Key’ Blockbuster Canada executives could get big bonuses
Steve Ladurantaye, The Globe and Mail
11:21 AM, E.T. | June 3, 2011Canadian
The trustee charged with selling Blockbuster Canada wants to pay more than $600,000 in retention bonuses to managers and executives who hang around through the video chain’s restructuring.
Grant Thornton Inc. will ask an Ontario Superior Court judge to approve the payouts in a court hearing Wednesday. The $523,855 bonus would be split among 28 employees to encourage “key employees to remain with Blockbuster through the receivership process, including the sales process, in an effort to maximize value.”
The receiver also wants another $184,000 to pay 164 regional managers, district managers and store managers as “stay bonuses.”
Anyone who leaves before August 31 would have to pay the money back.
The video rental chain was pushed into receivership earlier this month after Hollywood movie studios called in $70 million in debt racked up by its parent company that had been secured against the Canadian operations.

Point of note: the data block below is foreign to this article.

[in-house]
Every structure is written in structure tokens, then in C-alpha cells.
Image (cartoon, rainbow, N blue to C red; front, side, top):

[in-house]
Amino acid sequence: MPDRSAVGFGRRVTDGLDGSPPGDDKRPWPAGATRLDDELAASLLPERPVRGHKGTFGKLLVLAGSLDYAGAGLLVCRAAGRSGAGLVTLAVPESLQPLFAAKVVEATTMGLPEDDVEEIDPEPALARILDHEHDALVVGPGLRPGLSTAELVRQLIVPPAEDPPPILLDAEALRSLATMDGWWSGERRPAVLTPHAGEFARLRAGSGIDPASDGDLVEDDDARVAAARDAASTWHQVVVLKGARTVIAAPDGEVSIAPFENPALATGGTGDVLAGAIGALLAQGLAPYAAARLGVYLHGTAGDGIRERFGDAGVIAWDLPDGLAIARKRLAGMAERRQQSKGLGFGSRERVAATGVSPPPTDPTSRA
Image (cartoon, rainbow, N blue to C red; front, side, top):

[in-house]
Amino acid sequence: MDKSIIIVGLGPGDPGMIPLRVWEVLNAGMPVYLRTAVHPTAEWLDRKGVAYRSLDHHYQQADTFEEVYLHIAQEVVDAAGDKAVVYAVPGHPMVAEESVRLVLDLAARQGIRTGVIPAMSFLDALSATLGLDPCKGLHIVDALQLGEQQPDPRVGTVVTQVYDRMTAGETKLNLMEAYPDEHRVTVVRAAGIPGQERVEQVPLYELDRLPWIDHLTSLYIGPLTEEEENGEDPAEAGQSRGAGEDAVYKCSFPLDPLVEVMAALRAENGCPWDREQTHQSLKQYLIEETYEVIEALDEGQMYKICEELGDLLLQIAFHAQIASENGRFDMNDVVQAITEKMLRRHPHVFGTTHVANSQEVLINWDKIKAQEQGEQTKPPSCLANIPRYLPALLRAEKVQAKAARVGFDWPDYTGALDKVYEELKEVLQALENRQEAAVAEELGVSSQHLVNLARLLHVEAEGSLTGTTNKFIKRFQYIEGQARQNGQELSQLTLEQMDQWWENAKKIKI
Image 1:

“Absent the stay bonuses, there is a risk that these management level employees may seek alternate employment which may impair the sales process,” the receiver stated, adding the movie studios have been told about the plan and approve.
The receiver has said it will close about 140 of the chain’s Canadian 400 stores to prepare for a sale, with most closing by the end of June.
In its third report to creditors, Grant Thornton said it would like to have the sale complete by the end of August. There appears to be interest – the receiver said it has held discussions with “several potential purchasers.”
One key element of any sale remains outstanding – the company’s former U.S. parent is now owned by Dish Network, which has told the Canadian chain to stop using Blockbuster related intellectual property, which would include the Blockbuster name.
The issue will be in a U.S. court on June 23, as a judge decides whether it has the ability to enforce the request or whether it should defer to a Canadian court. The receiver has suggested the Canadian chain pay a 4 per cent royalty in order to keep access to the intellectual property.